Widow honors late husband through memory quilts
Steve Sturgeon listened to Christmas music year around and preferred to wear Hawaiian shirts any chance he could.
A unique combination, but one that fit him fine, said his wife, Tracy Sturgeon.
“He had a lot of Hawaiian shirts,” Sturgeon said. “They were nice and comfy and they didn’t have to be tucked in.”
And those holiday tunes.
Steve would be in his shop working on various cabinetry projects. August or December, he loved yuletide carols.
“‘White Christmas’ would be blaring when it was 110 degrees outside,” Tracy said of her husband’s favorite song.
Christmas also was Steve’s favorite holiday. He loved to put up lights. After he had placed all the decorations, the family had to drive along the road to see the masterpiece from all angles before driving up the driveway.
“It was like the Griswolds,” Tracy said. “I don’t even know how many lights we had. But if you flicked on the bathroom heater, the power would go out.”
Steve, from the Tonganoxie area, and Tracy, from Sumner, Iowa, near the Minnesota border, met while attending Kansas University.
They married in 1976 and had three daughters. Together they owned Air Specialists Inc., a wholesale distributor for RV parts, and the Country Hills manufactured home community.
Those Hawaiian shirts came in handy for vacations as well. Steve loved cruises, Tracy said, whether on several trips to the Caribbean, or other cruises to Alaska, Mexico and Europe.
Just more than a year ago, Steve died after a three-year battle with lung cancer. He was 58.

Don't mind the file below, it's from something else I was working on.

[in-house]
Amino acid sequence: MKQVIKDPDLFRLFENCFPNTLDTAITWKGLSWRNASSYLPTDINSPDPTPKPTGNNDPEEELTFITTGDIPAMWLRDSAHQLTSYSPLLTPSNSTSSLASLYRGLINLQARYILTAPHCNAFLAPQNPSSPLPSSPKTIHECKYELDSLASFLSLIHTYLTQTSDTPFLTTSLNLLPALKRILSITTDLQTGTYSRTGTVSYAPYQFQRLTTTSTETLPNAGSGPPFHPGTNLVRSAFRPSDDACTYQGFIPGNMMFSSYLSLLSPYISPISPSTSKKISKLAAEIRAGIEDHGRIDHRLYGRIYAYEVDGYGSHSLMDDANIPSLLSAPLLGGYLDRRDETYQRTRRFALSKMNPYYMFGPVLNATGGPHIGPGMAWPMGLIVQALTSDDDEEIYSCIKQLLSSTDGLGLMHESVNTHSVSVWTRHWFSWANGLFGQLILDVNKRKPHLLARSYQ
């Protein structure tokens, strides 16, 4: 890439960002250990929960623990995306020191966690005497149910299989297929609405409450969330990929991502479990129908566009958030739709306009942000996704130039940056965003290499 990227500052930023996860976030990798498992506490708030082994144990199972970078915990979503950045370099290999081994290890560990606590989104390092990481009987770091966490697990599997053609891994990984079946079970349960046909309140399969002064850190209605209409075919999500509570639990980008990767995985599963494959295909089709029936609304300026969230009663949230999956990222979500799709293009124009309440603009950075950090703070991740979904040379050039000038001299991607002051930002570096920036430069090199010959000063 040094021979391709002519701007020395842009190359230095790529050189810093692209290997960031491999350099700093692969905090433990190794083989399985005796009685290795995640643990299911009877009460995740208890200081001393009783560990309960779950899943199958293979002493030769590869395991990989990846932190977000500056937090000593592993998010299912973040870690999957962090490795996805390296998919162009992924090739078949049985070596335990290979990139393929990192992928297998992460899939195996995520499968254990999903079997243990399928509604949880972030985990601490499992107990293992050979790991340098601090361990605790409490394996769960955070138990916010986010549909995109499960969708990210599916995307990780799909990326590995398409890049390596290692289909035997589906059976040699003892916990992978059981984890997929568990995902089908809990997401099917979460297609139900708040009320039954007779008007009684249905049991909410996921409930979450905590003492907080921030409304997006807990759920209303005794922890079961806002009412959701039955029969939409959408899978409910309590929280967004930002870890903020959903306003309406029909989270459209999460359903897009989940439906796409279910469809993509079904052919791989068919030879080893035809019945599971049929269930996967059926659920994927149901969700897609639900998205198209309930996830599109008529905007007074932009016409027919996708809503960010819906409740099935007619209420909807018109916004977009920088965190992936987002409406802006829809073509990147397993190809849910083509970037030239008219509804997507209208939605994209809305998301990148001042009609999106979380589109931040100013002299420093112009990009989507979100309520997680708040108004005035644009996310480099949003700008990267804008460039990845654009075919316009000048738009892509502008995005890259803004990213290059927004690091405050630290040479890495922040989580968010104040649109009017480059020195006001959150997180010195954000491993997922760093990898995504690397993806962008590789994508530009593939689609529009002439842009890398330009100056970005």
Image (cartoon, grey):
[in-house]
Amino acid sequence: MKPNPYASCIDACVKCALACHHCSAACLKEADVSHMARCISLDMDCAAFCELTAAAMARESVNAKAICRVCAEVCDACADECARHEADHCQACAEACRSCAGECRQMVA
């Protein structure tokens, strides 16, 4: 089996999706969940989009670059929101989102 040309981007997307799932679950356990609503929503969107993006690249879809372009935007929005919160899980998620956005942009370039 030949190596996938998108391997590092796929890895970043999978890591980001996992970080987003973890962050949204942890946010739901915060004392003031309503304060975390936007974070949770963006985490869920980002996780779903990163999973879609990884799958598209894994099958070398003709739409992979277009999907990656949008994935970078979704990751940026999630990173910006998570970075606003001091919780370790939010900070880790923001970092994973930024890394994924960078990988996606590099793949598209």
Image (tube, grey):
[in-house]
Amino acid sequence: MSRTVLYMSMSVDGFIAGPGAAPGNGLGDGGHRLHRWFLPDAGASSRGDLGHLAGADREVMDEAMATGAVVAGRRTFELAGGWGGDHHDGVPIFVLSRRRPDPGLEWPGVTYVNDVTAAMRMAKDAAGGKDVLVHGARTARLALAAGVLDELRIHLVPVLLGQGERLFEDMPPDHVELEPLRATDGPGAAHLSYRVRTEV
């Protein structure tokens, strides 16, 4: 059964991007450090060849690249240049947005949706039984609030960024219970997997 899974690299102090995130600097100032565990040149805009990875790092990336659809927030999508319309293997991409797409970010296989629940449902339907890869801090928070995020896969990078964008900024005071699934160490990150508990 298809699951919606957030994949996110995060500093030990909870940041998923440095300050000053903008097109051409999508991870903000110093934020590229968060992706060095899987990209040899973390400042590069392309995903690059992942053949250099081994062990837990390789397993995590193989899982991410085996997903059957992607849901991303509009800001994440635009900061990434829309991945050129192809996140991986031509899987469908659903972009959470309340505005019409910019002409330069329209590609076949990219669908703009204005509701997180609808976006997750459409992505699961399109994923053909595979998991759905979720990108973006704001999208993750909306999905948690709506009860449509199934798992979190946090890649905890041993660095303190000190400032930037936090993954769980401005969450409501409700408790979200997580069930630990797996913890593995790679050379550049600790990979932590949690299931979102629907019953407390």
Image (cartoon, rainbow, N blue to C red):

Tracy gave some of Steve’s clothes to Goodwill, but those Hawaiian shirts — they had to stay.
She liked the idea of using Steve’s shirts to help form memory quilts, but she wouldn’t be the one creating them.
“I’m really not a big seamstress and I’m definitely not a quilter,” Tracy said.
But her friend Janette Bouldin is.
Bouldin made a handful of quilts with various blocks incorporating Steve’s shirts.
Tracy might not quilt, but she was crafty enough to make travel pillows with portions of Steve’s shirts for her children and grandchildren.
“They call it their Papa Pillow,” Tracy said about the grandchildren.
Bouldin made quilts for Tracy and her daughters.
Tracy’s quilt has 25 blocks featuring Steve’s various shirts with blocks of shirts making a border of squares around the 25 inner blocks.
When Tracy showed her quilt to Steve’s doctors, they said they could recall Steve wearing the specific shirts incorporated into the quilt.
All of Steve’s Hawaiian shirts are now part of quilts and pillows — vivid reminders of a man who could be found hanging thousands of Christmas lights or listening to holiday music while making furniture for loved ones in his shop.
“His shirts were just very recognizable,” Tracy said. “They were just Steve.”
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